The difficult relationship

He says the relationship between the forwarder and the cargo handler can be a challenging one, because there is no direct contractual relationship and because the forwarder has no choice of handler if it wants to use a certain airline. 

“You need to build up a relationship with an airline handler so that if you ask them to do something, he does something, because some shipments need priority,” he suggests. Furthermore, relationships with a particular handler might work very well in Frankfurt, but with the same handling company in Miami or in Amsterdam it doesn’t. “So again, it is a people business and also a local business,” he says. “It is about relationships, but you also have to have the vision to have an IT system where you can share information, and if I can tell the airline handling agent exactly that I want to have a certain product and when I want to pick it up, and they can manage that, for them it makes the process much more convenient – instead of having products that stay in the airline handling warehouse for three weeks.”

Not all handlers necessarily have a system that can deal with that kind of pull information, and so they need to see the added value in order to invest. “For them it could be to have a more streamlined operation and do their asset management properly – to have the right resources in the right place when they need them,” he suggests. “For us it is easier because I get my products when I want them.”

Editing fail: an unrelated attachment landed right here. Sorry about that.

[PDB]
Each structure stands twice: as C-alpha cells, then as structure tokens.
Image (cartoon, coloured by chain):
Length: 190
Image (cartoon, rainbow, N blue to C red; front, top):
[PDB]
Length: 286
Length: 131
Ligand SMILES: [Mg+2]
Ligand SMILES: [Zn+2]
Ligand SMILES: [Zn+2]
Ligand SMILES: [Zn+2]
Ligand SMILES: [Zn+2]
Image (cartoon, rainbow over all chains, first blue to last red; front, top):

He acknowledges there can sometimes also be an attitude problem towards forwarders within some handlers, because they are not the handler’s ‘paymaster’. “But that is inherent to people,” he says.

Nevertheless, there may also be training issues. “Perhaps to train them that it is not only the airline that is their customer,” he suggests. “I train the people in our company that everybody is a customer; even to treat Customs as a customer. An airline is a supplier to us, but you have to treat them as a customer.